China’s ‘sea parade’: Honing military skills and striking fear
by Frank Ching/ April 17, 2018 / Manila Times
IN his epic speech at the Communist Party congress last October, XiJinping, party leader and state president, announced the initiation of “a new stage in strengthening and revitalizing the armed forces.” By 2035, he promised, “the modernization of our national defense and our forces is basically completed” and “by the mid-21st century our people’s armed forces have been fully transformed into world-class forces.”
Last week, China displayed the impressive progress it has made in modernizing its naval forces in military exercises in the South China Sea off Hainan that it called a “sea parade,” presided over by Xi himself.
More than 10,000 naval officers took part in the display of power, which featured 76 fighter jets as well as 48 surface ships and submarines, including China’s first aircraft carrier.
One indication of the rapidity of China’s progress is the disclosure by state media that of the 48 vessels involved, more than half were commissioned after Xi assumed power in 2012. And the pace is not going to slacken.
Wang Xiaoxuan, a Beijing-based military expert, wrote in the China Daily that “the problem of a relatively small aggregate tonnage of naval vessels must be resolved, in order to increase the navy’s capability to confront naval hegemonies in the world.”
“To be a world-class navy, the Chinese navy should catch up with the world’s most advanced navies,” Wang said.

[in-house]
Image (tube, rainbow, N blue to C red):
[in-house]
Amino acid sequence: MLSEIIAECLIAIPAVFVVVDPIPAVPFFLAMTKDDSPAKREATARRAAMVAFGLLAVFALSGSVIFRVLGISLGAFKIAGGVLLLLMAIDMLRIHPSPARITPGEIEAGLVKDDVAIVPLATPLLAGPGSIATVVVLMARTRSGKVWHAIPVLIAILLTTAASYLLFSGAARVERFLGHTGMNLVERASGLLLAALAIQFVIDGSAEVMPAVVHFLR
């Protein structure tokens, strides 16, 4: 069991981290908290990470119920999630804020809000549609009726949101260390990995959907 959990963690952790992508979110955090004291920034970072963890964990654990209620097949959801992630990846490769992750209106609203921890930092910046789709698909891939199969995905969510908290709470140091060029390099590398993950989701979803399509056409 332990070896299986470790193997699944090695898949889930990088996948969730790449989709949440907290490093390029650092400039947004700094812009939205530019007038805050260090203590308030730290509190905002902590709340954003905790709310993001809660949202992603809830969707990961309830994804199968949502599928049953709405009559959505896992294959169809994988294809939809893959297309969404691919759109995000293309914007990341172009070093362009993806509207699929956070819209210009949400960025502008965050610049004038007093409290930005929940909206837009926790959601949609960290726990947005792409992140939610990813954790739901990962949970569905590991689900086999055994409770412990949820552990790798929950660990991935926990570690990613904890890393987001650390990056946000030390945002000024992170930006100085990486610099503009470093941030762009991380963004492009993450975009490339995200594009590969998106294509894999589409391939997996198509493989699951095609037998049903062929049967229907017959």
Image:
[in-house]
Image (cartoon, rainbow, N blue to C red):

Another commentator, defense industry analyst Wu Peixin, was quoted as saying that the Chinese navy had been rapidly catching up with the US navy in terms of its technological and operational capabilities.
“Ten years ago,” he said, “it would appear fantastic if someone told you that we would soon begin commissioning a domestically built carrier and several of the world’s mightiest destroyers.”
Xi was very much involved, giving the order for the drills to start and watching the activities from the “Changsha,” a guided missile destroyer.
The “sea parade” was the biggest naval exercise in Chinese history. Such exercises are not simply meant to keep soldiers on their toes. Their purpose is to hone China’s military skills while projecting an image of power. One goal is to strike fear into the hearts of potential adversaries. The sudden announcement April 12 of live-fire drills six days later in the Taiwan Strait was an undisguised attempt to intimidate the government and people of the island. Read more…